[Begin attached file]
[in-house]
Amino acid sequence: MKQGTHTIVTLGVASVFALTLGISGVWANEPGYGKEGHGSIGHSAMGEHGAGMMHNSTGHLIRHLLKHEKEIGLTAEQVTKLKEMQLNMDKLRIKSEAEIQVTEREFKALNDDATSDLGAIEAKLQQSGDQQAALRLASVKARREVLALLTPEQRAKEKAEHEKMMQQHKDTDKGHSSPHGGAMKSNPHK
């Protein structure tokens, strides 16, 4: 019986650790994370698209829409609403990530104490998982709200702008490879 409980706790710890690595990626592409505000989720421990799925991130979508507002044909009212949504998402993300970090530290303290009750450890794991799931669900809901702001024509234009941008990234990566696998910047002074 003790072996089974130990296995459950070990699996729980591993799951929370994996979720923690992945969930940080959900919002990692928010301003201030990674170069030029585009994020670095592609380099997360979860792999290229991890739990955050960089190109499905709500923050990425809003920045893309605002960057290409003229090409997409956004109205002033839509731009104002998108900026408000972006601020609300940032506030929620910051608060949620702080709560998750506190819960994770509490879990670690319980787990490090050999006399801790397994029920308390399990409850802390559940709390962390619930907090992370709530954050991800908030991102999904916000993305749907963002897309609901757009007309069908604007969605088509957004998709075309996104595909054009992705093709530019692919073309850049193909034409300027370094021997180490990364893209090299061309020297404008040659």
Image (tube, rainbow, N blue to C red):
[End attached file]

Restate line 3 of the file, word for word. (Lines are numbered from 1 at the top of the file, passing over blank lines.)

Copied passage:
């Protein structure tokens, strides 16, 4: 019986650790994370698209829409609403990530104490998982709200702008490879 409980706790710890690595990626592409505000989720421990799925991130979508507002044909009212949504998402993300970090530290303290009750450890794991799931669900809901702001024509234009941008990234990566696998910047002074 003790072996089974130990296995459950070990699996729980591993799951929370994996979720923690992945969930940080959900919002990692928010301003201030990674170069030029585009994020670095592609380099997360979860792999290229991890739990955050960089190109499905709500923050990425809003920045893309605002960057290409003229090409997409956004109205002033839509731009104002998108900026408000972006601020609300940032506030929620910051608060949620702080709560998750506190819960994770509490879990670690319980787990490090050999006399801790397994029920308390399990409850802390559940709390962390619930907090992370709530954050991800908030991102999904916000993305749907963002897309609901757009007309069908604007969605088509957004998709075309996104595909054009992705093709530019692919073309850049193909034409300027370094021997180490990364893209090299061309020297404008040659």